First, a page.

Moving Target (Festival page)
Malthouse Theatre @ Odeon Theatre
7:30pm, Fri 7 Mar 2008
I guess that I’m stepping outside my comfort zone a bit lately, because I find myself wanting to write the words “I didn’t have the faintest idea what this was about… liked it, though.” A lot.
Now, I don’t mind being completely bewildered by a performance – as demonstrated by Conclusions: On Ice. It gives me something to think about, something to mull on during the walk home. Shows like that sit at the back of my subconscious for days, occasionally popping forth in an “aha!” moment… and sometimes not showing up at all, just remaining in a ruminative state, something for the neurons to fire on while I’m doing something else.
But Moving Target is a different kettle of fish.
Walking into the theatre, the stage is essentially a large, white room; six characters wait, apprehensive and edgy, for us to be seated. When the house lights drop, five gang up on one – it’s a clinical verbal battering, sinister glares, uncomfortable for all… but the audience doesn’t know why. Suddenly, a game of hide-and-seek breaks out – again, five-against-one – and the five are left to hide amongst the frugal props.
And here, Moving Target breaks with expectations – the hide-and-seek segments (and there are many of them) are impossibly funny, with characters hiding under carpets, under cushions, under tables, behind sofas, even in plain sight with a sleeping bag on their heads. These sequences are physical humour at its finest; the time where one character got tangled up in a chair, only to be helped out of his predicament by another character (who subsequently became entangled) had the audience in stitches.
In between these segments, though, there’s a much more sinister plot at play. It’s gradually revealed to us: in times of heightened terror responses, there’s a green parcel in a bin. It was placed there by a girl. Is the parcel a bomb? Is the girl a terrorist? Do any of these characters have anything to do with the story, or are they just narrators?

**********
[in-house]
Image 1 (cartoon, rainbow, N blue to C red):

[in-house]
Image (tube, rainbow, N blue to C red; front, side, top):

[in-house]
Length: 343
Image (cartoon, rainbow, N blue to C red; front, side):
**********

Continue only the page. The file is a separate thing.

Essentially, we’re none the wiser until the last ten or fifteen minutes of the performance; until then, we’re happily bumbling around gleaning snippets of knowledge where we could. But in a visually intense sequence – flashing lights galore, including some jarring bright red / green transitions – the terror threat is directly addressed… and all trace of humour disappears. We’re clearly in Serious Mode now; and, rather than dodging around the issue, we’re taken on a linear explanation of the resolution. And then backtrack to see the other side of the story. This results in a few gasps of realisation from the audience as the performance slowly dissipates, fades to black, with a snapping of inexplicable masking tape.
Now, I don’t want it to sound like I disliked Moving Target, because that’d be far from the truth. I loved those first flabbergasting 75 minutes – I loved the repetitious, circuitous, twisty-turny double-back nature of them immensely. I loved the fact that I was essentially stumbling in the dark for most of the time, creating theories and counter-theories in my mind as to the meaning of every single artifact. But the conclusion – where the plot is laid bare, linearised, de-mystified – took all the rumination away from the performance. Which ended my engagement with Moving Target as soon as I started applauding the actors. Which, for some reason, makes me a little sad… I would’ve preferred to take a little of the performance home with me, in a little white-walled room in the back of my mind.